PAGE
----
You are having a difficult conversation with your boss and are confident that he or she is listening closely – then comes the sting in the tail, “I hear what you’re saying, BUT…”
It dawns on you that she hasn’t been listening at all. In fact, as things stand, the opposite of what you would like may be just about to happen.
I experienced this sort of communication breakdown a few years ago. And it was not particularly pleasant.
Having shown interest in a challenging new offshoot of my job, I was asked by my boss to attend a week’s training course to learn more. I was flattered to have been singled out. Plus, this could do my career no harm at all, could it?
So off I went to pick up what knowledge and operational skills I could over the five-day course. I enjoyed the experience and gained a reasonable knowledge of the software needed for the job .
The trouble was that, from the moment I had said yes to going on the course, I had harbored reservations about the feasibility – not to mention the desirability – of adding this task to my already full agenda.
Hours of Practice
It turns out I was right to be cautious because these doubts were confirmed by my experience in the classroom. What I was learning – video-editing – was very technical and required not just a few whiteboard sessions, but hours of practice to master.
While learning the theory was great, it was not something that could be added easily to my skillset and done successfully from day one. Even the team leader in the video department had warned, “Look, this isn’t something that you can just pick up by going on a week-long course.”
In a nutshell, doing the video editing alongside my main job was a non-starter – as I found when I was asked to complete a live task as well as my usual work. The sheer amount of time that I had to spend applying my new skill meant that my regular work went “on the backburner.”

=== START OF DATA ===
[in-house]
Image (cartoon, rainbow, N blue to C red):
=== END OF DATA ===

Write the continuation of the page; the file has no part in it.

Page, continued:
There were simply not enough available hours to get both jobs done. Stressed out, I tried talking to my boss. I said that I didn’t feel I could add the role to my workload in this way, and apologized.
Good at Listening
But what my manager seemed to hear was, “Can I have extra tuition so I can do this new job quicker, and fit it into my schedule.” Because her response was that she would try to get me more training from the video department. To me, she had not heard what I was saying at all: that I was too busy already. Far from it.
A boss who was good at listening may have said, “So what you are saying here, Ian, is that you can’t do this extra task in the way we are proposing. We need to abandon this project immediately.”
Several uncomfortable meetings later I was eventually heard. But it was a pretty painful process. As a result, video-editing was no longer seen by the company as a task that could just be tagged on to an existing, busy role.
One part of me claims this as a victory. How I got my boss to listen. Another part of me says,”Don’t bite off more than you can chew…”
And if I faced a similar situation today I may politely suggest we both try this Mind Tools quiz on listening before proceeding any further!
Have you ever felt as though your boss/colleague wasn’t listening, or have you taken on an unmanageable task? Let us know in the box, below.